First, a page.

I don't really follow junior hockey but going by the numbers it seems like a guy like Friesen is about as high end upside as you can get that late. Take a guy that's good enough in the CHL/etc that he will probably translate to a good AHL player, and maybe if you're really really lucky he has an unexpected development spike and becomes something more.

Going by Friesen's draft, that would be Ottawa's Mark Stone who 6 spots later. 39-11-17-28 in the OHL for his draft season, followed by a 71-37-69-106. That offense translated directly to the AHL and now as a Rookie he' a 2nd line winger for the Sens.

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03-24-2015, 05:57 PM
  #42
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Production isn't good enough to expect an NHL transition IMO, even in the bottom six.
Might be good enough to fill in on the bottom 6. Not as a regular but he's responsible enough in his own end that he could be a decent injury replacement and is good organization depth for that reason.

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03-24-2015, 05:59 PM
  #43
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But is he good enough for the Comets to deserve a contract spot?

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03-25-2015, 03:16 PM
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But is he good enough for the Comets to deserve a contract spot?
I'd say he's been at least very solid. He leads the team's forwards in +/- and his offensive game has steadily improved.

I'm a big fan of holding onto any player who has shown improvement year-by-year regardless of age/draft position. If Friesen is a point-per-game AHL forward at 25, is that really so big a problem? he has never had a season where he hasn't improved on his totals, going all the way back to his first year in junior. Why can't that be projected as a positive thing, even if he isn't lighting the world on fire at 19 like Horvat?

Let the team have more Alex Burrows-types.

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03-25-2015, 08:52 PM
  #45
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I'd say he's been at least very solid. He leads the team's forwards in +/- and his offensive game has steadily improved.

I'm a big fan of holding onto any player who has shown improvement year-by-year regardless of age/draft position. If Friesen is a point-per-game AHL forward at 25, is that really so big a problem? he has never had a season where he hasn't improved on his totals, going all the way back to his first year in junior. Why can't that be projected as a positive thing, even if he isn't lighting the world on fire at 19 like Horvat?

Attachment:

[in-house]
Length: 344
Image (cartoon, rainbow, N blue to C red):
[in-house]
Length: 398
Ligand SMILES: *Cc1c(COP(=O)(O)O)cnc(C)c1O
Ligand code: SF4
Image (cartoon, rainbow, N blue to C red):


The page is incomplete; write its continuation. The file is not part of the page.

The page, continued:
Let the team have more Alex Burrows-types.
A ppg would double his current production of 1/2 ppg. It would definitely project as a positive thing.

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Old
12-13-2015, 11:22 PM
  #46
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A lot of guys have written Friesen off but I hope he gets a call-up or two like Biega. He's still on pace for another career year, however underwhelming on the scoring-side.

Two goals and +4 tonight.

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Old
12-13-2015, 11:53 PM
  #47
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Wasn't Benning suggesting Friesen as an option to take over for McCann should he go to WJC, alongside Vey?

Anyone have a source to that? I've always found Friesen to be an interesting player, will never forget him absolutely wrecking Hall several years ago with a bodycheck. He was also the top rated player in the entire draft on Gillis' IQ/mental testing that he tried to kickstart that year too IIRC.

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12-14-2015, 12:10 AM
  #48
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Wasn't Benning suggesting Friesen as an option to take over for McCann should he go to WJC, alongside Vey?

Anyone have a source to that? I've always found Friesen to be an interesting player, will never forget him absolutely wrecking Hall several years ago with a bodycheck. He was also the top rated player in the entire draft on Gillis' IQ/mental testing that he tried to kickstart that year too IIRC.
JB was interviewed on the radio broadcast during one of the intermissions and when asked about who would fill in for McCann if he was loaned to team Canada,he mentioned Vey first then mentioned Friesen and how he just scored two goals.

Personally,I'd take Friesen over Vey as a call up just for his defensive play and compete level.

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12-14-2015, 11:58 AM
  #49
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I'd be happy to see Friesen get a few games. He's worked hard for it, scoring at the same pace as Vey.

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12-14-2015, 04:43 PM
  #50
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If they send MCann off to the WJC and don't recall Friesen instead of Vey, then there's no justice....he actually looked fairly decent in the exhibition schedule and is one of Green's 'go-to-guys' in Utica....hard not to pull for a sixth rounder who's already exceeded expectations.